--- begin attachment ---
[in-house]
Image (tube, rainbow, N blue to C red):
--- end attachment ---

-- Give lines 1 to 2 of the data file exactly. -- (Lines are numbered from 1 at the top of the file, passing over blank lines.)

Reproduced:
[in-house]
Image (tube, rainbow, N blue to C red):